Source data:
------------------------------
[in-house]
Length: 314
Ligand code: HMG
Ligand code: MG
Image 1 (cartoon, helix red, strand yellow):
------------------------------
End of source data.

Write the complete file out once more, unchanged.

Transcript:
[in-house]
Length: 314
Ligand code: HMG
Ligand code: MG
Image 1 (cartoon, helix red, strand yellow):